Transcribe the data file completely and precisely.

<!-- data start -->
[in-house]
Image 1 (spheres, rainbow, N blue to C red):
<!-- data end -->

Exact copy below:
[in-house]
Image 1 (spheres, rainbow, N blue to C red):